Trapped by Julie

January 10th, 2008

I was supposed to leave Lake Hoare yesterday, but it will be at least tomorrow, if not later, before that happens. A large snowstorm, named ‘Julie’ for some reason beyond me, has been lumbering through the region. Here in the valley everything was dusted white yesterday, but most of that has melted and the winds have calmed. This is very nice place to be stranded, especially with the present company, but I’m very eager to get home to my family now that my research has concluded.

If the sun was out I could conduct some additional experiments. Of course, if the sun was out I could also go home. Since it is heavily overcast, we are left seeking other forms of passing the time, like watching movies, crossword puzzles (the Friday or Saturday NYT puzzles would have passed more time), and seeing what happens when you eat a lot of dried plums (not sure yet…).

The day before my scheduled departure, I got a farewell tour of all 3 major Dry Valleys to help Hassan with met station maintenance. It was really neat to see how different each valley is from the others, and we got to spend a lot of time in helicopters looking at cool stuff:


At the end of the day, I was treated to a wonderful oatmeal, chocolate chip, sweet, sweet cookie bar with a reproduction on top of my weir out of gingerbread as a going away celebration. It was oh-so-good, but left me with an odd sense of déjà vu:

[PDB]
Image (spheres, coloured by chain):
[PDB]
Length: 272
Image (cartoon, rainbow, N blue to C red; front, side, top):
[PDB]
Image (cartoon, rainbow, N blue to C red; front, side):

this year last year

Creation & Destruction

December 31st, 2007

For Christmas, we made an amazing array of sugar cookies, and a very large gingerbread house.

2007_12_24: Christmas

Before Christmas, we did a series of exciting salt tracer experiments to measure the amount of surface flow and to see the storage of water in cryolakes. Part of that experiment required ‘channel maintenance’ – destruction of an ice dam on the stream.

Weird Science

December 31st, 2007

Today I got the opportunity to execute one of my clever science experiments. I’m not sure if it is going to work, but it was sure fun to install. Rae accompanied me today, and at different times I punched each of my legs through the ice and got both of my boots filled with water. I probably should have learned to always lead with the same leg over the sketchy bits. Still not as bad as Rae’s story of going in over her head one year.

Luckily my boots keep my feet plenty warm, even when filled with water. And it allowed me to not worry about getting my feet wet while splashing around in one of the streams flowing on the glacier. We chipped out a slot with ice axes and a drill with an 18″ long bit and installed a weir I had sawed out of plywood. The height of the water flowing through the notch in the weir can be related directly to the quantity of water flowing through, which is the quantity I am interested in. The finished job is a true engineering marvel, with a spillway, sandbags, and tie-downs. Working in ice was difficult and there still appeared to be some water flowing around the sides and under the bottom of the weir. It will be interesting to see what shape it is in after a few days. Filling sandbags with sand from the bottom of the stream channel taught me that I should bring some rubber gloves next time, rather than just my polypro liner gloves. Luckily it was an overcast day, and there wasn’t too much water in the stream. I can’t wait to see if this idea works. Even if it didn’t, it sure was fun putting in.

2007_12_31: Weir installation

Back in Antarctica

December 26th, 2007